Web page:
She's a senior now, and a high achiever, so in the next few months will be applying for colleges, pre med, so probably not the best time to wean her off it.

Pharmacology is fascinating, every med effects every body differently. I guess we got lucky the first one she tried did the trick.

I was on Zoloft for awhile when the kids were little, it helped me a lot, I went off it without event.

You do what you feel is right in the end, okay? No pressure either way.

Hope this helps.


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answers from St. Louis on

I do not believe in giving anti-depressants to a child and much less to a special needs children, How would I handle this? I would find something else. There are too many drugs and too many reasons to prescribe strong medications to children and teenagers these days. It is just not safe. Find more information and do your search, but in places and with honest people who actually know about this matter.

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answers from Norfolk on

You just don't know how your child will react no matter what anyone tells you.
Give it a try.
It might work or it might not.
You might have to try several before you determine whether one will help or not.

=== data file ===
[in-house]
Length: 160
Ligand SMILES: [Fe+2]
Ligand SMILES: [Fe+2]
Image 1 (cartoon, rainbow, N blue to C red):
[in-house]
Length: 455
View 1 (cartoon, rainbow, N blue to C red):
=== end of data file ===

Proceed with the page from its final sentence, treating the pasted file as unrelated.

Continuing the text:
2 moms found this helpful


answers from Oklahoma City on

If she needs an antidepressant then she needs to be on one. Sometimes it takes a few different ones to find the perfect fit. Talk to a pharmacist that can visit with you a few minutes without taking them away from a thousand refills.

I find smaller pharmacies do tend to have more time for people.

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answers from Orlando on

Have you tried any natural products yet? Research L-theanine (antioxidant) and Rescue Calm for stress and anxiety.

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answers from Portland on

I would talk more with the doctor prescribing the meds. We cannot tell you what will work for your child. Medication is very much an individual thing. Also the first med may not work. Prescribing is trying different ones until you find one that works.

As far as suicidal thoughts and harming oneself and others that is an extremely unlikely side effect. I don't know the exact statistic but I suspect it's 1% or less. Harming your daughter's mental health by not treating the chemical imbalance in her brain is much greater. Also, know that suicidal thoughts and/or actions don't suddenly appear. Your daughter will be monitored. You will know what to look for and the meds will be stopped before she acts.

You do need to be comfortable providing her with the medication. I you're not she will pick up on your anxiety which will increase her anxiety and make the meds less effective. Make an appointment to discuss this with the professionals who are recommending it.

Both my daughter as a teen and both of us as adults take ant-anxiety medications. I've taken various ones over 20 or so years and have found them to be effective overall. Some work better than others. My body builds a tolerance causing me to change meds from time to time. I've been on Celexa now for several years and it's still helping.